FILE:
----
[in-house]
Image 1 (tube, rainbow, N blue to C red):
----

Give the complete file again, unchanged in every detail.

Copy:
[in-house]
Image 1 (tube, rainbow, N blue to C red):